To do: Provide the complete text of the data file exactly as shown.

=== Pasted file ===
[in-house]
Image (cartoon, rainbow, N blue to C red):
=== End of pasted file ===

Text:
[in-house]
Image (cartoon, rainbow, N blue to C red):